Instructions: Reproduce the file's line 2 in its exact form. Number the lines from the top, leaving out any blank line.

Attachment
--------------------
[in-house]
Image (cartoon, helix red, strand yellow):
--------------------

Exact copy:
Image (cartoon, helix red, strand yellow):